We did enjoy Ayvalık. There is very little to do there.
There is some excellent scenery at Şeytan Sofrası – a huge volcanic bay with blue sea, blue sky and little islands. So many islands, so many bays. We think it ranks as some of the best scenery in the world.
Our favourite bar in Ayvalık was shut for renovations so we found another one, the seafront views were not quite as spectacular but it was pleasant enough. We had two excellent meals –one in Ayvalık and one across the bay in Cunda. More expensive than back in Selçuk, but the food was, frankly, much better, and we had a couple of very good reasons for splashing out. Foodwise it is very Turkish. That’s both the menu and the manner of service. Very relaxed – people sit for hours over seafood and rakı.
We enjoyed the market too – Hilary ended up with two new pairs of combats – one was supposed to be for Ashley but they were too small for him. Hilary got a couple of plain t-shirts and we bought some hand towels (needed for the house – we only had one previously which was a bit awkward). We also ended up buying souvenirs in Cunda… A clock and a little bowl, both made from olive wood by a local artisan. The clock is silent in operation which is a good thing and it looks nice on the wall in the back house.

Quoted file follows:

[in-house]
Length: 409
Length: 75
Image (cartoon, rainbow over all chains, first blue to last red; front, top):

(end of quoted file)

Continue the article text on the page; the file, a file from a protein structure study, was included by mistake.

So, why do we like Ayvalık so much more than any of the other resorts here? Well, so much more than any of the others we have visited. It does have an ex pat population (some of them were in the same bar as us on Thursday, whingeing in English), but mostly it is a Turkish resort, set up for Turks on holiday. Not many people speak English. It is low on the pounding nightclubs. You do get hunted for restaurants but it’s people showing you what they have, it’s not hassle. There was a little hassle on the market but not enough to be seriously irritating and it’s normal market hassle, not tourist rip off market hassle. That said, the town does seem to be getting more foreign tourists than it did. We saw small groups being shipped in for the market. We’re not sure where from, possibly Foca or Dikili. What we did not see was any trace of package tourists. We didn’t see people on the market who looked as though they had got lost whilst walking on the beach. We didn’t hear loud foreign voices.
It’s a pretty enough town but not prissy or pimped up. There are real working parts to it. It’s bigger than Selçuk (about half as big again) and lacks the village feel but it does have a proper town centre with proper town centre shops in it. The old Greek stone houses are truly lovely. They have some Ottoman stylistic elements (the wooden balconies in particular). We did once have an urge to live in one but they are beyond our budget – the cheaper ones require expensive renovation.
We’ll certainly be going there again.